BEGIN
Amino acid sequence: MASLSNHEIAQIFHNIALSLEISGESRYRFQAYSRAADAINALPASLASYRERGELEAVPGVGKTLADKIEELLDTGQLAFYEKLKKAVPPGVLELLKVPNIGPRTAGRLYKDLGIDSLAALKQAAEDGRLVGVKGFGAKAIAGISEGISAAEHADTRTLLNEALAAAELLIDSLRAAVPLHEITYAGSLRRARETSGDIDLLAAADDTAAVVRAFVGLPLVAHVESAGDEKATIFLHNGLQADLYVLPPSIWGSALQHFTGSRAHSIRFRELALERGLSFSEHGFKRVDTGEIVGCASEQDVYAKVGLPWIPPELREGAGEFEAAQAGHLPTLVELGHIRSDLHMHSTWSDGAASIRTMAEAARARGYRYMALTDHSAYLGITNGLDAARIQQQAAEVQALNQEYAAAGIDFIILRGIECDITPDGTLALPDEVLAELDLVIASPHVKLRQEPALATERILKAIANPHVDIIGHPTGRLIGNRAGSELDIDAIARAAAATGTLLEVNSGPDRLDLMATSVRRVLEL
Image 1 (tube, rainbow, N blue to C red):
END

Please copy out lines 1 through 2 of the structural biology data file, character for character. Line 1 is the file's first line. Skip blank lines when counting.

Amino acid sequence: MASLSNHEIAQIFHNIALSLEISGESRYRFQAYSRAADAINALPASLASYRERGELEAVPGVGKTLADKIEELLDTGQLAFYEKLKKAVPPGVLELLKVPNIGPRTAGRLYKDLGIDSLAALKQAAEDGRLVGVKGFGAKAIAGISEGISAAEHADTRTLLNEALAAAELLIDSLRAAVPLHEITYAGSLRRARETSGDIDLLAAADDTAAVVRAFVGLPLVAHVESAGDEKATIFLHNGLQADLYVLPPSIWGSALQHFTGSRAHSIRFRELALERGLSFSEHGFKRVDTGEIVGCASEQDVYAKVGLPWIPPELREGAGEFEAAQAGHLPTLVELGHIRSDLHMHSTWSDGAASIRTMAEAARARGYRYMALTDHSAYLGITNGLDAARIQQQAAEVQALNQEYAAAGIDFIILRGIECDITPDGTLALPDEVLAELDLVIASPHVKLRQEPALATERILKAIANPHVDIIGHPTGRLIGNRAGSELDIDAIARAAAATGTLLEVNSGPDRLDLMATSVRRVLEL
Image 1 (tube, rainbow, N blue to C red):